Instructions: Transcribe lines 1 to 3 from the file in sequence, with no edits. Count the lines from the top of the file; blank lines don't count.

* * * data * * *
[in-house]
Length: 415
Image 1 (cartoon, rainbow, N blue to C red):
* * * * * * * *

[in-house]
Length: 415
Image 1 (cartoon, rainbow, N blue to C red):